Magdalene Ayuk
Posted by

Women Making History: Margaret Sanger


WomenMakingHistorybanner
Margaret Sanger: Social Activist
Margaret Sanger: Social Activist

Many women cannot fathom a world without the renowned birth control pill or other preventative methods, the familiar friends women use to be in control of their sexuality. I guess we owe Margaret Sanger, born to the city of New York in 1883, a big thank you. Sanger was a leading social activist in advocating birth control and woman’s health.

Sanger worked as a nurse, and grew aware of the ill effects of unplanned/unwanted pregnancies. Therefore in 1912, she decided to leave her practice and fully devote herself to the distribution of birth control information. Unfortunately, she had to deal with the Comstock Law passed in the United States, a public campaign for legislating public morality. This law prevented the distribution of birth control devices and information regarding these “immoral” tools. It’s amazing to imagine with our 21st century lenses that a woman having a say in when or if she gets pregnant was considered to be immoral. But it was.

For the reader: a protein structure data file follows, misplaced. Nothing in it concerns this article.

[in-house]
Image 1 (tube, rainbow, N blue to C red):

In 1913, Margaret Sanger founded a paper called “Woman Rebel”, but she was indicted for “mailing obscenities.”  Upon her flee to Europe, the indictment was lifted. Three years later, she set up the first birth control clinic, where she distributed diaphragms.

In 1921, she founded the National Birth Control League, an organization which provided information on preventative methods through lectures and other workshops. Although she was arrested several times for delivering such messages of choice to women and protesting the infamous Comstock Law, she continued to be a voice for American women.  She saw all these rather  as minor set-backs; in 1942, she contributed to the formation of the Planned Parenthood Federation.

If you want to check this woman out further you can read The Autobiography of Margaret Sanger online for free!

Sources:

About.com:Women History

The Web Chronology Project

Similar Posts:

Comments are closed.

Facebook Twitter Flickr Flickr